The Strategic Way Jacques Pépin Plates Cheese Soufflé

Light, fluffy, and perfectly puffed — just the word "soufflé" conjures all the delicious things. Whether you prefer your soufflé in chocolate or cheese form, it's one dish that's guaranteed to fill both you and your ramekin all the way up.

Soufflé not only has to taste, but it should also look the part. Luckily, chef Jacques Pépin has a few words of wisdom on how to properly plate the dish to maximize its taste. You've likely seen cheese soufflés baked in ramekins, as well as those made in wide yet shallow dishes. Pépin told Food & Wine that these small and wide bowls are the best to use for making soufflés.

His reasoning? Well, Pépin's plating strategy actually has little to do with the soufflé's final appearance. In actuality, the way in which you plate your soufflé before it even hits the oven can have a major effect on its final texture. That fluffy, puffy, and slightly crisped soufflé top doesn't just get there on its own. You have to help your soufflé along, and you can do so by its plating.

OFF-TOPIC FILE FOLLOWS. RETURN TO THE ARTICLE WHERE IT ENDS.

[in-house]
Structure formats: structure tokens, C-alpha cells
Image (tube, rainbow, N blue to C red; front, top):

Use a wide but shallow dish to maximize your soufflé's crust

When it comes to perfecting your cheese soufflé, the presentation is all part of a strategy. Pépin opts for wide and shallow gratin dishes because they maximize the amount of soufflé crust. The wider the dish, the more plentiful the crust. Before baking, he also adds a layer of cheese to help create a crunchy and crispy exterior. Soufflé-specific ramekins similarly get the job done, Pépin told Food & Wine.

Pépin's advice makes total sense, especially if you think about that first delicious bite of soufflé. You want to dig your spoon into a crispy soufflé exterior before you get to all that gooey, cheesy filling beneath. Perhaps the same plating strategy holds up in making the chocolate version, though you'll want to swap out that final cheese coating for something a little more complementary.